- Annual Meeting
- Get Involved
WIERGATE, TEXAS. Wiergate is on Farm Road 1415 just off State highways 87 and 63, seventy miles northeast of Beaumont in north central Newton County. It had the last large lumber mill built in East Texas in 1917 by Houston lumberman Robert W. Wier, for whom it was named. The Wier Long Leaf Lumber Company was to clearcut an 86,000-acre tract of virgin longleaf pine in northern Newton, Jasper, and Sabine counties owned by the heirs of early lumbermen Henry Jacob Lutcher and G. Bedell Moore. The Lutcher and Moore heirs, who considered cutting and transporting the lumber to already established mills too expensive, gave Wier a contract to build a large sawmill on the site. According to one source, Wier wanted to establish his mill at Burkeville, but landowners there looked unfavorably upon the rough sawmill workers such a project would bring. Therefore Wier erected a new town, Wiergate, four miles west of Burkeville, around a mill with a cutting capacity of 200,000 board feet every ten hours. In its heyday Wiergate was in all respects a company town. With a peak population of perhaps as many as 2,500 persons, it had a company-owned commissary, a drugstore, a barbershop, an ice plant, a depot, a swimming pool, a movie theater, and two schools and community houses (one for blacks, one for whites). One resident recalled Wiergate as "a little world unto itself" in a "beautiful setting." Wier also built the fifteen-mile Gulf and Northern Railroad, which connected his town to Newton. He completed his task in 1943, dismantled the large mill, and abandoned the railroad. The population of Wiergate, estimated at 1,000 in 1936, fell to 350 by the end of the 1940s. However, a smaller mill, with a daily capacity of 50,000 board feet, was still in operation in 1990, using lumber from the region's second-growth forests. The timber resources and the town's proximity to Burkeville have helped the population of Wiergate to recover slightly. Since the mid-1960s the population has been estimated at over 450. In 1990 it was 461. The population remained the same in 2000.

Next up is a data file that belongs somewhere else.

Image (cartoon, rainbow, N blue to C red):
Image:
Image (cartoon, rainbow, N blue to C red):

BIBLIOGRAPHY:Robert S. Maxwell and Robert D. Baker, Sawdust Empire: The Texas Lumber Industry, 1830–1940 (College Station: Texas A&M University Press, 1983). Newton County Historical Commission, Glimpses of Newton County History (Burnet, Texas: Nortex, 1982).
Image Use Disclaimer
All copyrighted materials included within the Handbook of Texas Online are in accordance with Title 17 U.S.C. Section 107 related to Copyright and “Fair Use” for Non-Profit educational institutions, which permits the Texas State Historical Association (TSHA), to utilize copyrighted materials to further scholarship, education, and inform the public. The TSHA makes every effort to conform to the principles of fair use and to comply with copyright law.
For more information go to: http://www.law.cornell.edu/uscode/17/107.shtml
If you wish to use copyrighted material from this site for purposes of your own that go beyond fair use, you must obtain permission from the copyright owner.
The following, adapted from the Chicago Manual of Style, 15th edition, is the preferred citation for this article.Handbook of Texas Online, Robert Wooster, "WIERGATE, TX," accessed January 16, 2019, http://www.tshaonline.org/handbook/online/articles/hlw34.
Uploaded on June 15, 2010. Published by the Texas State Historical Association.